Investing.com – Natural gas futures fell sharply on Monday, giving back some of last week’s strong gains, as updated weather forecasting models called for milder weather, which should dampen demand for the heating fuel.
Front-month U.S. slumped 9.2 cents, or around 2.9%, to $3.083 per million British thermal units (btu) by 8:00AM ET (1300GMT).
The commodity soared about 10% last week, as traders reacted to a blast of cold weather which upped demand for the heating fuel.
Natural gas prices typically rise during the winter months as colder weather sparks indoor-heating demand. The heating season from November through March is the peak demand period for U.S. gas consumption.
But updated weather models released over the weekend showed that the western, central, and southern parts of the country will be milder than normal through Feb. 11, as high pressure dominates.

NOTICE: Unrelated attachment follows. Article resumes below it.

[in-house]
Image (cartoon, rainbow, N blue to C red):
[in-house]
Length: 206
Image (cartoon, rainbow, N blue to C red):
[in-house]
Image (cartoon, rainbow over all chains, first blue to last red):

The northeast will remain cold, but with brief milder breaks between weather systems.
Meanwhile, market participants looked ahead to this week’s due on Thursday, which is expected to show a draw in a range between 90 and 110 billion cubic feet (bcf) in the week ended Jan. 26.
That compares with a decline of 288 bcf in the preceding week, a fall of 87 bcf a year earlier and a five-year average drop of 160 bcf.
Total natural gas in storage currently stands at 2.296 trillion cubic feet (tcf), according to the U.S. Energy Information Administration. That figure is 519 bcf, or around 18.4%, lower than levels at this time a year ago and 486 bcf, or roughly 17.5%, below the five-year average for this time of year.
A recent blast of cold weather across parts of the U.S. over the past few weeks has resulted in unusually strong storage withdrawals for natural gas, bringing storage levels to the low end of a five-year range.
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